Growing up, one of my all-time favorite films was 1996’s Matilda because it’s the quintessential fantasy story (based on the 1988 book by Roald Dahl): A kid stuck in a terrible familial situation manages to rise above it because of magic (in this case, telekinesis). J.K. Rowling’s book Harry Potter and the Sorcerer’s Stone released only a year later in the U.K. and two years later in the U.S. would take that to new heights, in my opinion, with a boy in a terrible familial situation who finds out not only he has magical powers, but he is THE wizard in the wizarding community. But I digress.
What makes Matilda work beyond its lovable, fantastical premise is that Mara Wilson plays the titular character to perfection. What’s even more incredible is that, aside from being only 9-years-old thereabouts at the time, her mother died of breast cancer a few months prior. Mara gives that sparkle and perseverance to Matilda that makes us root for the spunky outcast in her family.
And what does any great hero in a story need? A foil to help us root for them to, well, foil the bad person. There are plenty go around here, but primarily, it’s Harry Wormwood (played by director Danny DeVito), her abusive father and crooked car salesman, and Trunchbull (the principal at Crunchem Hall) who is our generation’s Nurse Ratched. Both look down their nose at Matilda and think nothing of her. Meanwhile, thankfully, there’s Miss Honey (played by Embeth Davidtz), who is the only likable adult in the film. And like her name, is so sweet and lovely to Matilda. She’s the first adult in Matilda’s life who takes any interest in her and believes in her.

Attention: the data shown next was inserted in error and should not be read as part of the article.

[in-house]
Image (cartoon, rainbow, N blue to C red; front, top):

Throughout the film, we get a lot of fun hijinks, thanks to the over-the-top villainy of Trunchbull (she literally flings a child by her pigtails into a nearby flowerbed) and the telekinesis powers of Matilda, building to one of my favorite climaxes where Trunchbull gets pulverized with chalk, lunchbox sandwiches and run out of the school never to be seen from or heard from again.
But let’s be honest, everyone knows the best scene in the film is when Trunchbull forces Bruce Bogtrotter (played by Jimmy Karz) to eat an entire oversized chocolate cake because he stole her chocolate cake in front of an assembly of his classmates. The gluttonous classmate does it to the roar of the kids and for his success, Trunchbull smashes the plate over his head. I mean, how outlandish does that sound? But it’s hilarious and terrible and fun to watch.
This is one of those childhood films that holds up all these years later and is such a delight to watch. Stories like this are timeless for a reason. If it’s been a while since you’ve seen it, too, then I highly recommend a re-watch.